Thursday, June 7, 2012


Have you seen the news about a Massachusetts man who reportedly got second-degree while grilling? This after applying sunscreen.              

And what, exactly, is the risk that this will happen to you?
Consumer Reports does not test for flammability when we review sunscreens, but in general we recommend applying sunscreen about 20 minutes before you head outside so that it has time to soak in before you go out into the sun. Waiting that 20 minutes could also mean you avoid the scenario reported yesterday from Massachusetts.
According to CR, the problem was likely the result of "droplets from the spray" that hadn't been fully absorbed, and that were ignited when the would-be griller neared his Weber.

So what's the bottom line? CR recommends:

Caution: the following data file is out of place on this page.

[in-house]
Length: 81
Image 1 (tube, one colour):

[T]hat you don't use any spray sunscreens on your children. The Food and Drug Administration is exploring the risks of inhaling spray sunscreens, which are greatest among children. Until the agency completes its analysis, we recommend that spray sunscreens not be used on or by children unless you have no other product available. If that's the case, spray it on your hands first, then rub it on your child. And as with all sunscreens, be especially careful when applying it to a child's face, taking care to avoid eyes and mouth.
They even provide a handy sunscreen buying guide.

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